The fact that Colombia is welcoming Venezuelans is, perhaps, surprising. However, the political chaos created by the dictatorship of President Nicolás Maduro in Venezuela has created an intolerable environment for its citizens. An estimated 5.4 million Venezuelans have left. They have gone to Colombia, Ecuador, Peru, Chile, Argentina, Costa Rica, Mexico and the United States, among other countries.
Many of these countries initially accepted the refugees but, when the numbers grew, that welcome stopped. Peru even sent tanks to its border with Ecuador to stop the migrants moving south.
The Venezuelan exodus is one of the largest mass migrations in the world, but is largely unheralded by the Western press. For example, the flight of Syrians from their war-torn country is estimated at 5.6 million. The refugee situation in Sudan is approximately 1.1 million. Both of these tragedies have been well-documented by Western media and we know a lot about them. We know virtually nothing about the Venezuelan migration. Colombia, alone, has received 1.7 million Venezuelans mainly because the two countries share a long border.
The influx has caused major economic disruption in a country that can ill-afford additional economic pressures. Colombia is still clawing its way forward, after fifty years of war against the terrorist group, the FARC.
It is therefore surprising, and courageous, that Colombia’s President, Iván Duque, just announced that nearly one million Venezuelan migrants, without papers, will be granted protected status for up to ten years. The ruling applies to undocumented Venezuelan migrants living in Colombia before January 31, 2021. It also applies to the hundreds of thousands of migrants already legalized, who will now not have to annually re-apply for temporary permits or visas.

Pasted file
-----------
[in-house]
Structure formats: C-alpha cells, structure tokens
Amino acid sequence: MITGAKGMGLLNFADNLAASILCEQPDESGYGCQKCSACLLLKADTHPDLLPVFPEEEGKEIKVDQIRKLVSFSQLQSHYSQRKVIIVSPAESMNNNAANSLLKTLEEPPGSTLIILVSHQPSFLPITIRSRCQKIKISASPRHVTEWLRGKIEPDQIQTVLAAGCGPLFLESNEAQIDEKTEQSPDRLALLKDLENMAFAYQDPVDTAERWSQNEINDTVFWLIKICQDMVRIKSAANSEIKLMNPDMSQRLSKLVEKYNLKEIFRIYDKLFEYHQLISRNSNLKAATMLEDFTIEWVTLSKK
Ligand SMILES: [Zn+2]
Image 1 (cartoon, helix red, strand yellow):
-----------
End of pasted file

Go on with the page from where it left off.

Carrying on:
Mr. Duque said, “As we take this historic and transcendental step for Latin America we hope other countries will follow our example.” The United Nations High Commissioner for Refugees, Filippo Grandi, called the move “the most important humanitarian gesture” in the region in decades. It will allow the migrants, who arrive penniless, to integrate, and to access jobs, legal services and food.
President Duque is taking a hell of a risk in doing this. Many of his own people are still suffering from displacement, and economic deprivation, as a result of the 50-year terrorist war. To tell them they must now compete, on an equal basis, with a million Venezuelans, is certainly courageous, and perhaps foolhardy.
A cynic might suggest that he wants to follow his predecessor in seeking a Nobel Peace Prize by giving away the farm. However, there is no truth in that cynicism, as far as I know.
Colombia is welcoming Venezuelans is certainly a noble gesture. It remains to be seen if that decision will come back to bite him domestically and politically.
Hopefully not, he deserves nothing but accolades. However, politics is never fair.